Well, that was quick!
The New Orleans Pelicans assigned Frank Jackson to the Texas Legends in hopes that the young ‘rookie’ would see action in about six games over a two week period. After just one week and three games, Jackson has been recalled to the active roster.
It’s not shocking given the circumstances.
The Pelicans struggled mightily to score against the NBA’s best unit in the Boston Celtics and tired legs abounded. The short-handed Celtics trotted out a squad without five key rotation pieces, and yet that was more than enough to keep a Pelicans squad, who were missing three of their own, rather easily at bay.
The Pelicans face off against the Western Conference leaders in the Oklahoma City Thunder (17-8), and probably won’t stand a chance without some much needed help on the offensive end. Outside of Jrue Holiday, Anthony Davis and Julius Randle, the Pelicans are without a floor spacing creator anywhere else on the roster.
Desperate times called for desperate measures on Monday night, as head coach Alvin Gentry turned to Ian Clark against the Celtics. The combo guard came in ice cold, having seen less than three minutes of action in five previous games, and in 17 minutes, he put together a hapless 0-point performance on a head-shaking 0-5 night.
Ian Clark's average stats through December 10 over the last three seasons:— Oleh Kosel (@OlehKosel) December 11, 2018
2018 (NOP): 14.1 MIN, 3.9 PTS, 35.2 FG%, 28.6 3PT%, -1.8 +/-
2017 (NOP): 14.8 MIN, 4.7 PTS, 37.6 FG%, 32.1 3PT%, -1.0 +/-
2016 (GSW): 14.4 MIN, 6.9 PTS, 50.0 FG%, 39.2 3PT%, +0.7 +/- pic.twitter.com/I7rQVCeLre
Without Elfrid Payton, E’Twaun Moore or Nikola Mirotic, the Pelicans truly have holes at every position. But they do have a wild card in Jackson. Jackson brings the size (6’3), athleticism and relentless motor to wake the fatigued Pels (17 games in 30 nights).
Jackson is mistake prone and plays at a speed often too fast for his mind to react. He will take bad shots, and commit costly errors. Smart defensive teams like the Thunder will capitalize in transition early and often on each of them.
But Jackson is also fearless. He has a lightning quick trigger from the perimeter, and could in time marry the scoring volume of a Jordan Crawford with the dogged defensive energy of a Cheick Diallo.
What he lacks is the instinct and experience. The Pelicans thought to afford him that opportunity with the Legends, but after averaging 29 points, four assists and three rebounds in three games of action, the young man could be ready to give the Pelicans some of the production they need while they await the return of both Moore and Payton to full health.
So, what does this mean for the future of Ian Clark?
Hard to tell, but the Pelicans have afforded him opportunities to redeem himself in the past after early season slumps. It paid off handsomely last March and April when Clark averaged 11 points in 24 minutes per game over the course of 19 contests.
But with dreadful shooting numbers to open another season and only three games of ten points or more, Clark could see a significant number of DNPs for the rest of the schedule if Gentry finds another solution.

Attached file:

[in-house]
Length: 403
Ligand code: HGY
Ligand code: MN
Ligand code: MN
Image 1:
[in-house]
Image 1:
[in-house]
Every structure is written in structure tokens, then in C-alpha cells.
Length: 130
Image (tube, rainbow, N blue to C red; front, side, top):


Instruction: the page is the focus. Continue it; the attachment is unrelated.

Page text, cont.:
What does it mean for Andrew Harrison?
Pelicans’ fans shouldn’t expect to see too much of Harrison. Considering he’s only received a few instances of garbage time minutes, he looks to be insurance in the event of further injuries. Playing on a two-way deal, it appears the Pelicans will utilize all 45 of his allotted days in the NBA until a healthy roster returns. After that, he will likely be waived so that he can find other gainful employment within the league and not be forced to spend time in the G League.
Will we see any of Trevon Bluiett this season?
It’s looking more and more like a redshirt year for the four-year Xavier product. He offers exactly what the Pelicans need in terms of scoring, floor spacing and positional versatility, but his skill on both ends is yet unrefined. Bluiett also missed the first five games of the season due to a back injury.
Bluiett has flashed high volume scorer potential, producing a 29-point effort for the Westchester Knicks in 27 minutes (10/16, 5/11 from three), but consistency on that end will prove a greater test. Shooting just 40.5% overall and 34% from three through 11 games in the G-League will not get it done.
After a senior year in which Bluiett scored 2,000 points and shot 41.7% from three-point range, it wasn’t out of the realm of possibility that Bluiett could be ready now, but the Pelicans don’t see it that way.
“A big thing I need to work on is defense,” Bluiett said. “They said out of everything, defense is the main thing you want to focus on. So that’s been something I’ve been trying to make sure that I’ve improved on from being out here.”
Read more about Blueitt’s progress here.
For more on Frank Jackson and the Pelicans, won’t you download our latest episode?
Featuring Oleh Kosel, Kevin Barrios and David Grubb, we discuss Jackson, the Pelicans loss to the Celtics and assess culpability for early season struggles as well as squash some cause for alarm.
Let’s geaux, Pels!